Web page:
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SQUARE DEALTO ALL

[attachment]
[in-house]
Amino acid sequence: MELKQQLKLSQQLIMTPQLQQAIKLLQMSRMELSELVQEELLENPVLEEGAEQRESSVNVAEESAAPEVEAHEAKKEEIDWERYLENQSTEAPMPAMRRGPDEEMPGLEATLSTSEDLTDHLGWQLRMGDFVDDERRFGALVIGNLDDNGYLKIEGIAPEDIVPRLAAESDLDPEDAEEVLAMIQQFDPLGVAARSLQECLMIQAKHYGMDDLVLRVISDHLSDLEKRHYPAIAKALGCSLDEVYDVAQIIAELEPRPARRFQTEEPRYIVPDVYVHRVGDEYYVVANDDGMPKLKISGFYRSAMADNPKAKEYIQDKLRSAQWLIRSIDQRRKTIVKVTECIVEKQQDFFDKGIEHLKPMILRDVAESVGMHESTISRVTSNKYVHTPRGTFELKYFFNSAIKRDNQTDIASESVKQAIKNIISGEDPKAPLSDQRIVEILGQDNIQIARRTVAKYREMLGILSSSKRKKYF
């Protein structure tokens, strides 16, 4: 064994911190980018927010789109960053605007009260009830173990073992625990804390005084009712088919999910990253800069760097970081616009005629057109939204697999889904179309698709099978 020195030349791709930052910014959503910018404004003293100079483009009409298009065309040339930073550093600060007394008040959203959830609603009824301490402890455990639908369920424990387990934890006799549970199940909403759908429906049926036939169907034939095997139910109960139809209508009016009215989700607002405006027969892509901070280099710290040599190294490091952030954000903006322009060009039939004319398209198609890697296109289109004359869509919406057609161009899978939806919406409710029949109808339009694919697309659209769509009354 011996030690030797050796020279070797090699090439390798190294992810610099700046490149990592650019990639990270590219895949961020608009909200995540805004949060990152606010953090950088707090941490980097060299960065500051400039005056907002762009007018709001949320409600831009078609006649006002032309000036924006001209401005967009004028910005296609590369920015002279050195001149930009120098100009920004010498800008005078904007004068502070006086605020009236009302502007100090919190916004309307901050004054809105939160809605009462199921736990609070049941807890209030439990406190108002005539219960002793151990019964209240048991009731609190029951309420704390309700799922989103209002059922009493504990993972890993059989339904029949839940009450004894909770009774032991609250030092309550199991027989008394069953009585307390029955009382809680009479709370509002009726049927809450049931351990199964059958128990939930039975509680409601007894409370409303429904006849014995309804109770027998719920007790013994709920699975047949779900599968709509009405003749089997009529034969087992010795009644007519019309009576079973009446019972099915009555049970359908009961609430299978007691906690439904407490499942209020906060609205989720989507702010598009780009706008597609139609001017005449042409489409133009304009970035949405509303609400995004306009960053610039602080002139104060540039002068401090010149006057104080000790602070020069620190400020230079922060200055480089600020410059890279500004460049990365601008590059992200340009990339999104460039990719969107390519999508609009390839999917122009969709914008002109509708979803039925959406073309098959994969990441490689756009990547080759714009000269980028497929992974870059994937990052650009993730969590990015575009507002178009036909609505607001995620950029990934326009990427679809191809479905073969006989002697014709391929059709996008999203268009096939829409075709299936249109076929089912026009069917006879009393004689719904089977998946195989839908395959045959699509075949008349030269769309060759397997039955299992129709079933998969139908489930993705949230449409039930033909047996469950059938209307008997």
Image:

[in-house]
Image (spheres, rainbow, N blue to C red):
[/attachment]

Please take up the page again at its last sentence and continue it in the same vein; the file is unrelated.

An Equitable Distribution of the Road and Bridge Fund Among the Several Counties. Talk Delivered at St. Cloud fleeting of Northern flinnesota Devel- opment Association. [The following paper was prepared by R. C. Dunn and read at the St. Cloud meeting of the Northern Minnesota Development association, and is reproduced in the Union solely for the purpose of testing public sentiment on the question of an equitable distribution of the state road and bridge fund. I hope the friends of good roads will not be backward in express ing their opinions, no matter whether favor able or unfavorable.R. C. D.] As no particular topic has been as signed me, I will take it for granted that I have license to talk at random. It would be a waste of time to argue in behalf of good roads. Not only Northern Minnesota but the entire state is interested in the movement for better public highways. Good roads are just as essential to the well being of the people of Rock and Houston as those of Kittson and Itasca counties. The good roads question is not a sectional one it is state-wide. We, the representatives of the northern counties, must bear that in mind. Let us freely concede to the other counties of the state what we seek to obtain for the counties we represent. Since the meeting at Brainerd a year agothe last one I attended considerable has been accomplished in the enactment of legislation to farther the cause of road-improvement .in the state, and more ought to have been accomplished. Several meritori ous good roads measures failed of passage in the last legislature, nota bly the Peterson bill, which provided jhat all road taxes should be paid in money. Chapter 33, General Laws of 1911, a "measure that was fathered by the road and bridge committee of the house and passed both branches by a practically unanimous vote, provides or the levying of a state road tax of ne-fourth of a millheretofore only ne-twentieth of a mill was levied. 'he one-fourth of a mill tax, together ith the income deriyed from the in srnal improvement land fund, five er cent of the sales of government ind, and the milk and cream licenses, ill place a fund of about $325,000 at ie disposal of the highway commis on next year. The total amount of iat fund for the fiscal year ending aly 31, 1911, was $86,097.80. But the most important provision Chapter 33 is that which provides an annual appropriation of $150,- 00 to enable the state highway com nission to employ a corps of eompe ent assistant engineers to supervise he work of road construction throughout the entire state. In some luarters the erroneous impression prevails that these assistant engineers simply exercise supervision over money expended and work performed on state roads and bridges. The services of these deputy engineers are at the disposal of town and county boards in the construction or im provement of town, county or judicial roads to make plans and specifica tions when so required to exercise supervision over such construction or improvements, and to lend every pos sible assistance to the local road authorities in bettering the public highways. It has been no easy mat ter to secure the right kind of men for deputy engineers, but, all things con sidered, the highway commission is making good progress, and ere an other year rolls around a force of competent men will cover the entire state. The services these deputy engi neers can render town and county boards cannot be overestimated. Uutil this year the highest amount appropriated annually for the main tenance of the highway commission, including the entire office and field force, was the beggarly pittance of $8,300. The department of public highways should and undoubtedly will become the most important and most bene ficial of ail the departments of the state government. Chapter 390 of the laws of 1911, another measure fathered by the road and bridge committee of the house, provides for the submission of an amendment to the constitution which, if adopted by the voters, will permit the levying of a one-mill tax for the purpose of lending aid in the con struction and improvement of state highways and bridges. Thet adoption of this amendment means much to the people of the state as a whole. It will place Minnesota in the van of the progressive good roads states and will be a long step toward gridironing the state with a splendid system of public highways. No other question so vitally affects the interests of so many people. The defeat of the amendment would be a public calamity, would give the cause of good roads in this state a setback from which it would take years to re cover. Hence, I sincerely hope that no action will be taken by this associ ation, at the present or any subse quent meeting, that would tend in the remotest degree to prejudice the voters of any section of our state against the one-mill tax amendment. It is unnecessary for me to make any extended argument to you in favor of the one-mill tax amendment. The total assessable valuation of the state for the present year (moneys and credits not included) is $1,199,- 529,606. If the voters adopt the amendment next year and the 1913 legislature provides for the levying of the one-mill tax, the proceeds of that tax will not be available until 1914, but in 1914 the highway commission will have at its disposal a fund of not less than $1,225,000 to assist in im proving the public highways and bridges of the statethat would give each of the 86 counties on an average in round numbers $14,500. Some counties would receive more and some less, but the average would be the figures mentioned. With this magnifi cent fund properly utilized, as it un doubtedly would be, what an impetus would be given the cause of good roads throughout the length and breadth of the state. PRINCETON UNION SUPPLEMENT, DECEMBER 14, 1911. Right here permit me to make a suggestion which, if favorably acted upon by this convention, will go a long ways toward insuring the adop tion of the one-mill amendment by the voters next November. Many good people in southern and central Min nesoa have become possessed of the idea that the northern counties will receive more than their proportionate share of the state road and bridge fund. Under the law and the consti tution it is possible for one county to get three per cent, and an adjoining county only one-half of one per cent of the fundin other words it is pos sible for one county to get six times as much as another county. The highway commission could apportion 66 per cent of the fund to 22 counties and 32 per cent to the other 64 counties. It is highly improbable that any highway commission would ever make such a grossly unfair division of the funds. Here is my suggestion: Let this association go on record as favoring an amendment to chapter 33, General Laws of 1911, which will pro vide that each county shall receive not less than one per cent of the state road and bridge fund every year. Such an amendment would be consti tutionalwould be within the one-half of one per cent minimum and the three per cent maximum. There are 86 counties in the state. If each county were to receive one per cent that would leave 14 per cent ad ditional to be distributed among the counties most deserving of state aid, and surely there would be no objec tion if the counties that contribute the larger share of the fund and the northern counties, where hundreds of thousands of acres of state lands are located, received a little more than one per cent. If the association goes on record as favoring the proposition I have out lined there will be no question as to the result of the vote on the one-mill tax amendment. It is a fair proposi tion. Assuming that the one-mill amendment carries and that the legis lature provides for the levying of the tax, one per cent of the fund would give to each county at least $12,225, and there are only ten counties in the state that would be required to pay more than that amount into the state treasury. Another amendment to Chapter 33 which, in my judgment, would be pro ductive of good results, would be the insertion of a section providing for movable rock-crushing plantsthe number advisable to be determined by the highway commission. Dirt roads and split-log drags are all right, but if we are to have permanent good roads in this stategood at all seasons of the yearcrushed rock and gravel must be more generally used for surfacing. In many localities where gravel cannot be obtained "nigger heads" abound and when crushed they make the best kind of surfacing material. Since the rock-crushing plant was established at the reformatory up to the present time 529 cars of crushed rock have been shipped to several lo calities and the railroads, very gener ously, carried the same free of charge. Parenthetically, let me say, that the gentleman who has just addressed you, President Hill of the Great Northern, who is also chairman of the highway commission, is deserving of great praise for inaugurating the practice of carrying 100 cars of crushed rook yearly over his roads free of charge. He is a believer in good roads and practices what he preaches. Superintendent Randall informs me that a larger rock-crushing plant could not be advantageously used at the reformatory. The output of the present plant could be increased to 300 cars per annum. But there are other quarries in this vicinity and elsewhere throughout the state where waste material could be utilized. It is hardly to be expected that the rail roads will continue indefinitely to carry crushed rock free of charge, but doubtless low freight rates can be se cured. In my judgment, it will be demonstrated that rock-crushing plants can be used to advantage in various localities throughout the state. In the vicinity of my home town of Princeton we have several fine pieces of granite-surfaced roads. When properly applied crushed granite makes a smooth, compact and lasting roadway. There are other amendments neces sary to chapter 33 which ought to be enacted by the next legislature, but time will not permit of my going into details. Another measure in the interest of good roads was enacted at the last session, chapter 254, known as the Elwell law. For the author of that law I have the highest regard, and unless obliged to defend my position do not care to discuss the measure. Suffice it to say that, while I regard the law as unconstitutional and un workable, if the suggestion I have made is favorably acted uponrecom mend that each county receive at least one per cent of the road and bridge fundthere can be no valid objection raised against the law as far as ap portioning the state road and bridge fund is involved. Let the counties that may elect to operate under the provisions of the Elwell law go ahead, and Godspeed them. Mr. Chairman, I have been accused of being "piqued because the Elwell bill has attracted nearly as much at tention in the public eye as the Dunn bills." How utterly unfounded that accusation is is evidenced by the fact that the records show no road bill fathered by me. Both the road bills I took an active part in framing were introduced as committee bills. It was results I sought, and the empty honor of having my name attached to either of the bills never entered my mind. I have no patent on good roads legislation. With all my heart and soul I will favor any measure, no matter by whom fathered, that will make for a better system of public highways in this state. I yield to no man in my loyalty to northern Minnesota. My voice and pen, my vote and my sympathies al ways have been and always will be with northern Minnesota, but at the same time I stand for a square deal for every section of the state.